We Get Real About The Various Functions Of Our Bodies
Periods! Poop! Pee! Sweat! Semen! They’re all very real and they all come from our bodies. Body positive moms never make our kids feel ashamed of these perfectly natural and healthy bodily functions. Instead, we explain the science behind why some folks menstruate and others don’t, about why others make semen and others don’t, and why no one should be disgusted by the functions of their bodies or the bodies of others.
...And We Explain How Altering Ones’ Body In Any Way Is Up To The Person
When one says the words “body modification,” you might first think about piercings and tattoos. But body modifications begin, for many people, from birth. Male babies are often circumcised and female babies often have their ears pierced. Many (though certainly not all, and that's fine) body-positive parents might forgo these things until a baby has a say in their own body modification.
Then there are less permanent forms of modification, like shaving of body hair, wearing makeup, and hair cutting/styling. Body positive parents may explain that shaving body hair (face, legs, underarms, etc.) is up to the person, and it shouldn’t make a difference to them or anyone else if they choose to do this. We also wouldn’t encourage or discourage the use of make-up, but rather simply allow our kids to explore this form of expression should they want to (regardless of gender).
When It Comes To Masturbation, We Give An Enthusiastic Thumbs Up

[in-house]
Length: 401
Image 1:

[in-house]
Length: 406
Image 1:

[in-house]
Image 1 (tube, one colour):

So many kids grow up feeling like masturbation is a shameful act. Some develop guilt complexes associated with the act and others just don’t do it at all because they feel so much shame. Body positive moms know that should be allowed to explore and understand their own bodies so they can have healthy sex lives as adults. Why would we want to deprive your kids of this?
We Work Toward Eliminating Ableist Language From Our Vocabularies
I’ve talked about the importance of not using ableist slurs before, but it’s worth repeating. Being body positive doesn’t only mean being positive no matter what size you are, but also regardless of how your body functions.
We Always Encourage Dancing And Any Other Fun, Physical Activities They Want To Partake In
There comes a moment in our lives when someone decides to rain on our parade when it comes to how we use and move our bodies. For me, this moment happened when I was in ballet class and my teacher decided to repeatedly tap me on the belly with her ruler, telling me to, “suck it in.” It was then that I first really felt like my body wasn’t a “dancer’s body,” as though girls with slightly protruding bellies shouldn’t be allowed to dance, as though no one would want to see us dance. But dancing (and any other type of physical activity) should always be encouraged, no matter what size and shape a person is.
We Try To Keep Negative Messaging Out Of Our Homes
Some body-positive parents will do this by keeping certain popular magazines out of their homes (you know, the type that talk about “bikini bodies” or obsessing about penis size). Others will also try to discuss any negative messaging they catch their kids watching on television and having honest talks about why shows like The Biggest Loser are so popular.
We Help Them Find Their Strengths
One body-positive mom told me about how her son has motor delays which were bogging him down and making him feel self-conscious. To combat this, she helped him to discover and focus on his other strengths and now he no longer thinks negatively about his delays. This tactic could be used for all kinds of things to help kids stay positive while they work on the activities that give them a harder time.